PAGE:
NORTH AUGUSTA, S.C. – Kentucky has a quite a foot in the door with 5-star power forward P.J. Washington: his father is a huge fan of the Wildcats’ ace recruiter, assistant coach Kenny Payne.
“He’s more about people than basketball,” Paul Washington said, “so he talks to my kid and talks to my family about stuff other than just basketball.
“It’s hard not to like Kentucky, just from the standpoint of what they’ve done and how many kids they’ve gotten to the NBA. But when you really break it down and you see the nuts and bolts of it and how much they care about the kids – the development piece and how they actually get them to that next level – that’s what we’re really impressed with at Kentucky.”
The Cats are equally enamored of Washington, a 6-foot-7, 230-pound power forward ranked by Scout.com as the No. 14 overall recruit — No. 1 at his position in the Class of 2017. He is averaging 17.4 points and 10.9 rebounds against some of the nation’s top prospects on the Nike EYBL circuit this summer.
“How hard I play and the intensity I bring to the game, they like that,” Washington said of UK. “It matches up, because I like to block shots and get out in transition, and they do that a lot.”
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Wildcats head coach John Calipari, who sat courtside with Payne on Thursday morning when Washington dropped 22 points and 12 rebounds in a game at Peach Jam, is fond of saying his program is “positionless” these days. He looks for versatile players who can be moved around all over the floor.
That idea, like Payne’s personality, struck a chord with Washington’s father.
“He’s positionless,” Paul said of his son, “so they’ll use him inside and out. They’ll play to his athleticism, his ability to play the three and post up at the four. That’s how he fits in with what they do.”
But don’t take Dad’s word for it. Former NBA star Anfernee “Penny” Hardaway coaches P.J. Washington on the AAU circuit, for Team Penny, and raves about his so-called undersized power forward. Long arms and a nasty attitude (the good kind) make up for a lack of ideal height.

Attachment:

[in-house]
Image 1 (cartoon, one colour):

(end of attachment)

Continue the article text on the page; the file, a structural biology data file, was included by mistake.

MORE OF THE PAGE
“P.J. is a problem, man,” Hardaway said. “They always talk about tweeners – is he a three or four? – but he’s just a ball player. You can’t put a tag on a ball player. He’s able to play against a 7-footer, a 6-10, a 6-5, and do whatever he needs to do. If he goes out on the perimeter, he can get around a guard or a small forward. If he gets it in the post, he can post any big man.”
Washington hopes to schedule his official visits – with Kentucky, North Carolina, Arizona, Texas and one more school to be determined – by August, then maybe make his college choice in December or January.
The Cats will have competition, as Washington said he “loves” Longhorns coach Shaka Smart and is “really cool” with Tar Heels coach Roy Williams, who desperately needs to prove he can still reel in blue-chippers and is in hot pursuit.
“He told me he’s going to be at all my games,” Washington said. “He said, ‘You won’t see a coach more’ than I see him. He’s been at all of them. It just shows loyalty, really.”
Payne is making sure he and his family feel that same love from Kentucky. Too many phone calls to count have forged a close bond between the Cats’ assistant and star’s father.
Paul Washington wants to keep that vibe going with a 1-on-1 experience during his son’s official visit to Lexington. So they won’t schedule it during the circus of Big Blue Madness, when several top prospects come to town for a preseason practice that always doubles as an extravagant laser-light show and epic Calipari recruiting pitch.
“But he wants to be there for that,” Paul Washington said, “so I think I’m going to pay for that one myself and he’s going to go.”
* Follow Kyle on Twitter @KyleTucker_AJC. Reach him at Kyle.Tucker@ajc.com.